Problems: Assumes that any and all commandments are equal to Elisha’s command. Trivializes the personal feelings of the person being asked to comply. Can be used to justify any number of demands which don’t seem like a big deal to the demander, but which may be a very big deal to the demandee.
3. The “Abrahamic Test” Justification (Genesis 22):
The Story: The Lord asks Abraham to do the unthinkable: to kill his only son. As we typically read the story, Abraham is deeply sorrowful but deeply eager to obey God. At the last moment an angel appears to stop him. A ram is provided and all go home safe and sound. (Although you’d think Isaac would be a little freaked out after this.) The “Akedah,” or binding of Isaac has been interpreted in many ways by many cultures. Mormons use it in various ways, one of which being to teach the principle of obedience in the face of what seems like a crazy command.
Rhetorical Purposes: Prove loyalty. Trivialize the present command (it’s not like I’m asking you to kill your son here). Justify what appears to be irrational commands. Give the sense that the more you want to resist a particular command the more crucial it is that you obey it.
Problems: Can be used to justify practically anything. Abraham doesn’t actually have to kill his son. Don’t we have enough hardships to deal with in our lives without having to manufacture additional little loyalty tests for each other?
BONUS: Uzzah Steadies the Ark (2 Samuel 6):
The Story: David and his crew load up the Ark on a new cart. While in transit the oxen manage to give it a good shake. Uzzah reaches out and steadies it to prevent it from falling onto the threshing floor, violating 1 Chr 15:2 where only the Levites are allowed to touch the Ark. Uzzah is struck dead.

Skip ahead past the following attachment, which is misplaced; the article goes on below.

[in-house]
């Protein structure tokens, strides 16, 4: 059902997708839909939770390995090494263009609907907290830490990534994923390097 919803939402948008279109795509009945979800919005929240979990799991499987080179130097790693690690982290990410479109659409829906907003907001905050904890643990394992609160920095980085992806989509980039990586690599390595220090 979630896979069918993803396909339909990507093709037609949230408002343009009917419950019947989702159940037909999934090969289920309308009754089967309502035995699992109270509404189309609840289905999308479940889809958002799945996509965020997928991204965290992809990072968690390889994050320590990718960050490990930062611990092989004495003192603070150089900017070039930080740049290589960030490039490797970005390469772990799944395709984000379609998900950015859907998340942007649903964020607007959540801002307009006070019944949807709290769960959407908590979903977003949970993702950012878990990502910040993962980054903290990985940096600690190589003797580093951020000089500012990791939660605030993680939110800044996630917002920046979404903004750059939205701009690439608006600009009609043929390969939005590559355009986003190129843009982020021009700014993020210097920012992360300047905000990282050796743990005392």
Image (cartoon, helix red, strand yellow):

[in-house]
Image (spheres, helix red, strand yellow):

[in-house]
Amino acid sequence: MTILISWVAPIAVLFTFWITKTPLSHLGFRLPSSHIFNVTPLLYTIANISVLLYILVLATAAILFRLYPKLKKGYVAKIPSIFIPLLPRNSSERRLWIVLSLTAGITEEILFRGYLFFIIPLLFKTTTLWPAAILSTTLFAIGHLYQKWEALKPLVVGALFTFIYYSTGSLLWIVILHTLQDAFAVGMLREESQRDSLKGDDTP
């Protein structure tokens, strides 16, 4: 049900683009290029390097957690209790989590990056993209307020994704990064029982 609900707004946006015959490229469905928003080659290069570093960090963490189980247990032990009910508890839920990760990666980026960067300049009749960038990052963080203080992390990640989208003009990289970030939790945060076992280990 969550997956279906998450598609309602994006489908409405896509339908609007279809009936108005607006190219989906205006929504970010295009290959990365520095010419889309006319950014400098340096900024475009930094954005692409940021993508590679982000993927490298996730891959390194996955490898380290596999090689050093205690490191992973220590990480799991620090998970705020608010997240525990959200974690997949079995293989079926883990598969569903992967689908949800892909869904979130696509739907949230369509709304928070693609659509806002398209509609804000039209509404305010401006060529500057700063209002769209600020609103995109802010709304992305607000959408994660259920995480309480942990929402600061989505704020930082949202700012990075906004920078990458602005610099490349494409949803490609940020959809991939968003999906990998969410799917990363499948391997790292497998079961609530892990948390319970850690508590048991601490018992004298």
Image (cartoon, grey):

Rhetorical Purposes: Teach that God is very serious about some commandments. Even your good intentions don’t justify a violation of these commands.
Problems: This example is trotted out at times when a suggestion is made that the Church could do something differently. The implication is that anything the Church does originates with God, and if we want to change it, even with good intentions, God won’t look kindly on it. But many of our practices have cultural or unclear origins and might not be the will of God. For those who want to preserve the status-quo, this story allows them to sidestep the good intentions and logic of anyone asking for a change without even considering if the practice in question is in fact of God. It is a great discussion ender.
(Note the first three stories involve positive commands whereas the bonus example, supplied by John in the comments below, represents a negative command.)
Sure, there are some great runner-up scriptures like Isaiah 55:8 or D&C 1:38. But the power in these three examples is that the rhetorical points are couched in stories rather than being simple declarations. I’m not contending that homiletic usage of these passages is always invalid, or that it always results in these particular problems. I think each of these stories can be useful to stress the importance of obedience and faithfulness, to remind us that the willingness to suspend judgment can in fact be virtuous, as blessings are not always immediately evident. On the other hand–and here’s the real problem–they can also be used to coerce people into doing things they don’t want (and shouldn’t have) to do. They can be used, in other words, to practice unrighteous dominion, a possibility about which we’ve received explicit warning (D&C 121:39).
Now I ask you, BCC readers: What scriptural stories might be employed to offset these particular usages?